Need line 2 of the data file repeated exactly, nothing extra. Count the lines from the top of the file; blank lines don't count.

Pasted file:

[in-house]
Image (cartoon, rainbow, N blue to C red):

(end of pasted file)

Image (cartoon, rainbow, N blue to C red):